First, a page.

“Counsellor [Paul] Ehrlich, to whom we owe identification of the chemical structure and effect of atoxyl, has succeeded in finding, through ingenious and indefatigable work, an arsenical, arsenophenylglycine, which cures every animal with induced sleeping sickness.
From this finding it was easy to assume that a drug that is so immediately effective in animals infected with trypanosomes would also have an effect on syphilitic processes in patients with progressive paralysis, and that the Wassermann reaction might be influenced by it. The influence on the latter is actually true in many cases of progressive paralysis. Entrusted by Counsellor Ehrlich with a clinical trial of arsenophenylglycine for 7 months, I succeeded, together with my colleagues from Uchtspring, to determine the dose and route of administration tolerated without harm by patients with progressive paralysis, and which brought about permanent recession of the [positive] Wassermann reaction. This happened without any disastrous incidents. In some cases the previously strongly positive Wassermann reaction disappeared as early as 24 hours after the treatment, and has since remained negative…
In total, 31 patients with progressive paralysis were treated, all of whom had previously had a definite positive Wassermann reaction (repeatedly demonstrated); 7 of them lost the [positive] reaction completely, in one it returned after 5 weeks, [but] in the others it remained negative. In a larger number, the Wassermann reaction decreased substantially, but returned to its former level after some time. Initially we had not treated patients with high doses, so some of the cases may not have responded for this reason. It seems that it was cases of less than 2 years duration of paralysis who were mostly influenced…”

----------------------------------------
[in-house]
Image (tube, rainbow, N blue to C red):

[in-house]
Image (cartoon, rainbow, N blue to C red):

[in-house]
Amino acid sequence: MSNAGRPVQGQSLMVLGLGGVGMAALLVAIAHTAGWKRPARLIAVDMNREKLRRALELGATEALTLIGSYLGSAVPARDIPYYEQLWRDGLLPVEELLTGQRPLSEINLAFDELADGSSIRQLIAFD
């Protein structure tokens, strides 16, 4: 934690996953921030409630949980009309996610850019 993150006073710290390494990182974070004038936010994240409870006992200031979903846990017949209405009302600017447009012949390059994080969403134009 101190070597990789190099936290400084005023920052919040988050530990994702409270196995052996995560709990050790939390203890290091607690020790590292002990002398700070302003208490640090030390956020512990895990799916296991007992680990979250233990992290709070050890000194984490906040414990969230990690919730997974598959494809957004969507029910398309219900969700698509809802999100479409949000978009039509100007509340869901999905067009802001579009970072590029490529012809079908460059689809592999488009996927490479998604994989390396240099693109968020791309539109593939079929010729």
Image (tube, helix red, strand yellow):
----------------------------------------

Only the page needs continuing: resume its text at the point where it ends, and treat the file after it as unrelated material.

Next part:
“The assumption that the Wassermann reaction can be induced to disappear in patients with progressive paralysis by treatment with arsenophenylglycine has been confirmed in some of the treated cases. The basis of this effect, and why it worked in some patients but not in others, is not yet understood. Anyhow, this is a very remarkable fact per se, and prompts continuation of the trials.
The question of whether and how the clinical course of paralysis has been affected is obviously crucial. It would be premature to make a judgement in so changeable a disease on the grounds of such a small number. We have seen a rapid and noticeable improvement not only in some patients who lost the [positive] Wassermann reaction, but also in many others. Whether this was due to the treatment can only be decided after a larger test series and a longer observation period…
Our treatment trials with arsenophenylglycine in patients with progressive paralysis are being extended to a larger series. One may claim already, without being overhasty, that our preliminary results support the hope that it should not be completely ruled out that, sooner or later, we will no longer be forced to confront entirely with folded arms the future course of patients with an early diagnosis of progressive paralysis. As the remissions of such patients show clearly, the paralytic process can at least be brought a standstill, even if not to a cure.”
Translation by Ulrich Tröhler